JACKSONVILLE – Tony Boselli's message is clear.
It comes from experience, and it's a message the former Jaguars left tackle hopes people heed: COVID-19 must be taken seriously. Very seriously.
"The thing is, it's real," Boselli said Thursday. "This is not a political debate. This isn't if you're on one side of the aisle or the other."
Boselli, the first player ever inducted into the Pride of the Jaguars, was diagnosed positive for COVID-19 13 days ago. He has spent five days in intensive care at the Mayo Clinic before being released Tuesday and testing negative for the virus Wednesday.
"Thankfully I recovered, but there was no guarantee," Boselli said. "You've got to take it seriously, and the main message is: These health care experts and workers that are talking about this? They're not making this up.
"Take it from someone who was in the hospital and had these people working on me: They're risking everything themselves to take of people. It's serious. It's real. We need to do what people are being asked to do."
Boselli emphasized that people must realize that the novel coronavirus can impact people regardless of age and medical history.
"I'm 47 years old, and I was completely healthy," Boselli said. "I got this thing and it knocked me on my butt. … I get when people say, 'It's a low percentage if you're healthy and you're young.' That's probably right, but you know what? You don't want to be on the wrong side of that percentage.
"Also, think of other people. There are people who have underlying medical issues like asthma and diabetes and compromised immune systems. We have elderly people, obviously. I can't imagine not being healthy and going through what I just went through."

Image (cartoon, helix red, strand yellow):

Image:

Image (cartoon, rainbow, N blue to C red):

Boselli, who played for the Jaguars from 1995-2001 and who is now a member of the Jaguars' broadcasting team, originally was tested for the virus March 18 – after experiencing symptoms of a cold and after learning he had been around an individual who had tested positive. He tested that day after consulting with physicians at Mayo, then was told two days later he tested positive.
"When I first got it, I thought, 'Oh, gosh, this is a headache,''' Boselli said. "I didn't think it was a big deal. I'm like, 'I'm 47 and I'm healthy. This is going to be three-to-five days, then I'll be back.'"
Boselli said his condition worsened over the weekend, then significantly worsened the following Tuesday.
"I thought I was getting better, then I woke up one day and I was going downhill fast,'' Boselli said. "That's when I was like, 'Holy cow … this is real.' When I went to the hospital, I thought I was going to get some fluids and some meds. They took an X-Ray and said, 'You're not leaving. You're going to ICU.' I'm like, 'What?' You realize that this stuff gets out of control pretty quick.
"Thankfully, whatever they gave me, it worked. Or something worked. Or my body fought back at the right time. But there were other people in that hospital that it didn't go that way. It's real."
And while he is now home and recovering, he said his thoughts remain on the issue.
"I'm really fortunate," Boselli said. "The people are great throughout the health care system in Jacksonville, and I was fortunate to be at Mayo with great people. … It's time right now to listen to the healthcare professional and the experts, and what they're telling us – that it is real.
"They're not making this up. It's time to really think about our community, and each other and what's going on around us."